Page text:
Sign Language Interpreters in High Demand

By David Fetterolf, Stratus Video President

The University of Arizona addresses a shortage of qualified interpreters for individuals who are deaf and hard of hearing. UA’s Educational Interpreting Program was established in the 70’s with a focus on teaching students ASL to work with children in educational settings. The program argues that although sign language interpreters are in high demand, qualified interpreters are difficult to find. Cindy Volk, an associate professor and project director of the program, explains that interpreting is an extremely difficult task causing many interpreters to burn out prior to meeting qualifications.

Despite the shortage, the Bureau of Labor Statistics anticipates the demand for sign language interpreters to climb nearly 50% from 2012 to 2022. The National Association of the Deaf highlights the demand for qualified interpreters in various settings, including educational interpreting in K-12 and higher education, the community, courts, hospitals, business meetings, video relay services (VRS) and video remote interpreting (VRI) services.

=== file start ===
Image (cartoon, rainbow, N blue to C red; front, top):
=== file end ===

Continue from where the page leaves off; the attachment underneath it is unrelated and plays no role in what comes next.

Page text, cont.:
Stratus' video remote interpreting platform can provide sign language interpreting services in areas like the rural zones of Arizona where qualified interpreters are few and far between. Both our sign language and spoken language interpreters are highly qualified and trained to adapt to any situation they may encounter. To ensure that our interpreters are properly prepared to provide quality communication assistance, we have implemented a stringent list of minimum requirements and qualifications, including a minimum of three years on site interpreting experience. Click here for more information on our interpreter qualifications.

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